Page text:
Preaching to the choir... PICS

Discussion in 'Meat Birds ETC' started by Shoshana, Dec 18, 2009.

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  1. Shoshana

    Shoshana Out Of The Brooder

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    Nov 7, 2009
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    I live in a town with a Perdue chicken processing plant, and we often see trucks loaded with chickens headed for the slaughterhouse. It's 45 degrees and raining cats and dogs today, and I ended up behind one such truck, took some pics with my cell phone. Poor chickies! I think they're supposed to be white leghorns, but looked dirty, almost brown, and were so cramped and pecking at each other. The pics don't really do their condition justice. Many are missing feathers all over and just looked so miserable! I can't wait until I can start my flock in the spring and eventually get away from grocery store birds...
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  2. countrygirl4513

    countrygirl4513 Chillin' With My Peeps

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    Apr 14, 2007
    Portland TN
    It's an awful fact of life, isn't it? I hate to see it too. I feel the same way when I see dogs chained up or any animal in distress. I wish I could adopt them all. Spring can't get here soon enough. I'm ready for it too.
     
  3. dichotomymom

    dichotomymom Chillin' With My Peeps

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    Mar 19, 2008
    Dayton Indiana
    I've only bought chicken twice since processing my own birds (my husband wanted big breasts, guess that's a common thread in his life, lol) and I feel no remorse because at no point are my ever crammed into anything and they are happy and healthy. Good luck with your future project!
     
  4. Boyd

    Boyd Recipient of The Biff Twang

    Mar 14, 2009
    MI
    unfortunately, I eat my own as well as store bought chickens. I can't raise enough meaties in michigans weather so it's a sad reminder. I know where my food comes from and as sad as it is, I too buy from the factory farms [​IMG]
     
  5. Shoshana

    Shoshana Out Of The Brooder

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    Nov 7, 2009
    Southern VA
    Until we moved here, I never even thought about where my chicken was coming from. Seeing these trucks has totally opened my eyes to chicken operations and those conditions, and to really want to raise our chicken ourselves.

    Dichotomymom - If you don't mind my asking, how many birds are in your flock? Do you use an incubator or hen raise? I'm trying to figure out, as I an planning on a parent flock with hen-raised chicks for production, how many hens I need and how many/often should go broody to meet my family's needs. I was thinking something like 30 BO hens and 2 roos, and was wondering if this is reasonable.
     
  6. dichotomymom

    dichotomymom Chillin' With My Peeps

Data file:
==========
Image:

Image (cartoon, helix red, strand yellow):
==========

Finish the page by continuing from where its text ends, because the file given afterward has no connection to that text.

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    Mar 19, 2008
    Dayton Indiana
    I'm down to 12 layers now (we processed 12 dual purpose back in oct). I buy day olds (all pullets) but will be purchasing strictly broilers for our meat consumption in spring because of feed costs and bird size).
     
  7. dichotomymom

    dichotomymom Chillin' With My Peeps

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    Mar 19, 2008
    Dayton Indiana
    We don't keep roos because they keep us awake.
     
  8. Brunty_Farms

    Brunty_Farms Chillin' With My Peeps

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    Apr 29, 2007
    Ohio
    Those are the broilers... too big to be leghorns. Either way it's a pretty crappy end result for the chicken.
     
  9. Buster52

    Buster52 Chillin' With My Peeps

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    Jan 28, 2009
    Geronimo Oklahoma
    Quote:I think Jaku is in Michigan and he seems to do alright. Might want to query him how he does it. Surely you have a 6 to 8 week window in the weather there to raise a bunch of Cornish X.
     
  10. foweler

    foweler Chillin' With My Peeps

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    Mar 10, 2009
    Chico, CA
    I love my 3 girls very much. I spoil them awfully.
    That said, if I had the land I would be raising my own meat birds. Better to have the blood of what I consume on my hands than to support an industry where cruelty is commonplace.
    I would probably set up a killing cone where the flock couldn't see or hear what was going on. I wouldn't want to think they were knowingly waiting their turn. I would probably still have some that were just pets too.


    I beleive the only vote we have that actually counts for anything is where we spend our money and I want to stop financing cruel operations even if it means spending more for my chicken meat and eggs.
    If we all could find local sources for chicken and eggs that were raised in relatively humane conditions we should support those operations. We CAN make a difference by not spending our money at places that don't care about the quality of the lives of the birds. And by educating others as well. Of course there will always be people who don't care much about the quality of life of anyone but themselves but tolerating them is the price of freedom.
    Hopefully, through education and exposure more people would open their hearts and do the right thing.
     
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